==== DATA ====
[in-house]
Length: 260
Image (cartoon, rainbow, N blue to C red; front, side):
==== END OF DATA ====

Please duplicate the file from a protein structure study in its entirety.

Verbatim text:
[in-house]
Length: 260
Image (cartoon, rainbow, N blue to C red; front, side):